Originating in Japan, real-life escape games have grown in popularity in the recent decade, and they’re just as exciting as they sound.
As the name implies, the objective is often to escape something, such as a prison cell or haunted house, but these games can also be about, say, solving a murder mystery or finding a lost treasure. Usually played in groups of 3-5, the games make for a fun activity among friends, and they involve solving puzzles to find clues and get answers within a time limit.
Celebrating their 10th anniversary in 2017, SCRAP, Japan’s pioneer creator of escape games, has created plenty of hits, including English ones such as The Red Room and Escape from the Haunted Manor. Now, they’re launching their most ambitious project yet: Tokyo Mystery Circus (TMC), billed as the world’s first entertainment facility devoted to escape games. Located in Shinjuku’s Kabukicho, close to Toho Cinemas (with the Godzilla statue) and Bandai’s VR Zone, this five-story building is practically an escape game theme park.
SCRAP invited this writer to a free sneak peak of TMC, during which she tried all three of its English games before its opening on December 19th, 2017. The opinions expressed here are the author’s own.
The lobby at Tokyo Mystery Circus
It’ll be hard to miss TMC, thanks to its glass facade and distinctive signage. The first floor is the Mystery Atrium, which serves as a reception area with a cafe and a shop.
Yelo Cafe serves not only drinks, but also light snacks like hot dog sandwiches (640-821 yen, including tax) and pancakes (720-861 yen), as well as shaved ice desserts (810-950 yen). Toppings and portions are generous, and the shaved ice desserts are not only colorful, but also a treat to the palate. The unicorn-themed shaved ice (821 yen) is especially Instagram-worthy.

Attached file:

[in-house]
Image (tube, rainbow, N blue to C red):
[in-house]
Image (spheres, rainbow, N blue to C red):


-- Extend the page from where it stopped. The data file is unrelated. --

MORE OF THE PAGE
The shop sells TMC-themed merchandise, including goods related to current and previous games. The staff especially recommended candy in a package designed to resemble prescription medicine.
On to the games—and don’t worry, no spoilers here!
Game 1: Spellbound Supper
Time limit: 60 minutes (total session length: 100 minutes, including briefing and debriefing)
Group size: 5 players
|Standard||3,000 yen||3,500 yen|
|Student||2,300 yen||2,800 yen (weekdays only)|
|Group||14,500 yen for 5 people||none|
This colorful, magical game takes place on your table with the help of projection mapping. You have been invited to a magical dinner hosted by a powerful but sadistic witch. You’ll have to work for your dinner feast by solving puzzles that will be projected onto your table. Carefully listen, read through, and follow the witch’s rules to enjoy your dinner . You better not leave any leftovers, or she’ll turn you into rats!
As with most escape games, this one requires a lot of brain work. (Despite playing with friends, the author found this to be the most mentally challenging.) The combination of typical escape game puzzles with technology makes for a fascinating, aesthetically pleasing game. If you ever fancied yourself an alchemist, wizard, or mage, this is the game for you.
Game 2: The Secret Agent – Destroy the Ultimate Weapon
Time limit: 30 minutes (800 yen per 10-minute extension)
Group size: 1-3 players
|Solo||3,800 yen||4,100 yen|
|Pair||4,600 yen||5,200 yen|
|Trio||5,400 yen||6,300 yen|